Interlayer-Expanded Metal Sulfides on Graphene Triggered by a Molecularly Self-Promoting Process for Enhanced Lithium Ion Storage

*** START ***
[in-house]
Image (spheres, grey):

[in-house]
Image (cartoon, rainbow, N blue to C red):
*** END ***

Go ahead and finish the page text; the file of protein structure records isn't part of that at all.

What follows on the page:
A general synthetic approach has been demonstrated to fabricate three-dimensional (3D) structured metal sulfides@graphene, employing few-layered sulfide nanostructures with expanded interlayer spacing of the (002) plane (e.g., 0.98 nm for MoS 2 nanoclusters and 0.65 nm for VS 4 nanoribbons) and electrically conductive graphene as ideal building blocks. Here, small molecules (thioacetamide) acting as both the sulfur source and, more importantly, the structure-directing agent adjusting the interlayer spacing are wisely selected, further contributing to a sufficient space for ultrafast Li + ion intercalation. The appealing features of a mechanically robust backbone, ultrathin thickness, abundant exposure of interlayer edges, and good electrical conductivity in such 3D architectures are favorable for providing easy access for the electrolyte to the structures and offering a shortened diffusion length of Li + when utilized for energy storage. As a proof of concept, the electrochemical behavior of the resulting 3D structured metal sulfides@graphene as an anode material of lithium ion batteries (LIBs) is systematically investigated. As a consequence, high specific capacities, long lifespans, and superior rate capabilities have been realized in such well-designed architectures, e.g. maintaining a specific capacity as high as 965 mAh g -1 for 120 cycles for VS 4 @graphene and 1100 mAh g -1 for 150 cycles for MoS 2 @graphene.